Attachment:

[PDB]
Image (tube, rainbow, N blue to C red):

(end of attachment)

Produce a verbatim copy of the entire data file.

[PDB]
Image (tube, rainbow, N blue to C red):